"It's not the pearls but the string that makes the necklace." --unknown
In the art world, an armature is the framework that supports and ultimately gives shape to a clay sculpture. It's this wire frame that provides the structure and strength for the final product. Prop shops for movies use them, too, for monsters, masks, creatures, you-name-it costumes and props.
Two items of import are readily evident: An armature provides structure and it is invisible to the naked eye. It is an essential piece of the overall product, but the viewer should never see so much as a wire poking through.
As a writer, a novelist, why do you care? Well, Brian McDonald, screenwriter extraordinaire, explained it all like this: Your masterpiece must have a point that you're trying to prove. Every decision you make is based on that point. So, the armature is the message that your story proves. [Note: the message must go somewhere. You can't have a message like "love" -- but you can have one that states "love sucks."
Did I mention that it provides structure? And that it's invisible?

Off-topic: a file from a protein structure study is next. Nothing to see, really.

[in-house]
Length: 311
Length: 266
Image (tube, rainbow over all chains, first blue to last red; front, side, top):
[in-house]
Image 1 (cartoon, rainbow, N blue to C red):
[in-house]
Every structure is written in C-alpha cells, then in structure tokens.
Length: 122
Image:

He also stressed that every scene must prove this point -- anything else just dilutes the message. Sub-themes may emerge, but they will always complement your point. Don't muddy the work.
Okay. I'll buy that. But I'm still wrapping my head around the invisible part. My reading sorrows of the past year have all revolved around the lack on invisibility of this armature. From Anthony Horowitz to Eion Colfer, I swear it feels like every YA author out there is clumsily foisting his personal message down my throat.
So, I'm curious: how do you balance the need for thematic continuity with the requirement of invisibility? Or do you even worry about a message or theme? If not, how do you achieve cohesiveness throughout your work? If so, how do you create the illusion that it's natural and organic? How do you make us forget the armature exists?